Some economists may find the authoritarian, state-led development strategies of Ethiopia or Rwanda more admirable, but it is Angola that has posted a tenfold increase in its gross domestic product since the end of the civil war in 2002, making it sub-Saharan Africa's third-largest economy and about three times the size of Kenya's in 2013.
These challenges are of the utmost seriousness
Armed with oil money and the 2002 victory against the União Nacional para a Independência Total de Angola rebels, whose leader Jonas Savimbi had enjoyed support from the US and apartheid South Africa, the Movimento Popular de Libertação de Angola (MPLA) regime has rebuilt war-torn Angola with minimal input from Western governments and NGOs.
Luanda's skyline changed beyond recognition as the elite sought to create an African Dubai that fit its ambitions.
In a remarkable post-colonial reversal of fortune, Some of Angola's oligarchs have become Portugal's largest foreign investors.
But although Angolan decision-makers bluster about their country's emerging-power status, in reality it is rather brittle.
Some of the accomplishments are real. Although at a staggering cost, Angola's infrastructure has been partly rebuilt.
Technocrats were empowered to stabilise the economy, build up the country's hard-currency reserves and make Angola more presentable for some forms of foreign direct investment.
The MPLA's style of governance after the war, while politically intolerant, has at least placed large-scale violence out of the picture.
These are impressive achievements. However, four major challenges prevent Angola from advancing much further and may even imperil the progress of the past few years.
First, Angola remains one of the world's most oil-dependent economies: oil accounts for 97% of export revenue. This makes Angola extremely vulnerable to the vagaries of the oil price.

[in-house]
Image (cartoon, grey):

The MPLA regime has made impressive promises to diversify the economy, but its record does not stand much scrutiny.
Agricultural investment consumes an estimated 1% of the country's budget, much of it on big agribusiness projects, but it has failed to produce many jobs or crops.
Industrialisation has been slow and chaotic. Factories lacking electrical supply have been built and operated by foreigners through turn- key contracts. Their meagre and expensive output is uncompetitive in local, let alone foreign, markets.
Beyond the rhetoric, the Angolan oligarchs around the presidency, the party and the military show very little interest in investing in productive sectors. They prefer to put their money in foreign real estate and investment portfolios, not local industry and agriculture.
Angola's second major challenge is the training of its people and the lowering of the country's dependence on expatriates.
The reconstruction of the country is the product of a foreign labour force of Portuguese, Chinese, Brazilians and those of many other nationalities.
While critically important for the government's development strategy, these expats are incurring the resentment of the rising Angolan middle classes, who see them as obstacles to social mobility.
At the same time, the quality of Angola's education system is, with rare exceptions, so poor that local university graduates are consistently side-lined in the job market.